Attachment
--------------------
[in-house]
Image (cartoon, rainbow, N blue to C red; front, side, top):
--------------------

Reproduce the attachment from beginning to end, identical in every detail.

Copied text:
[in-house]
Image (cartoon, rainbow, N blue to C red; front, side, top):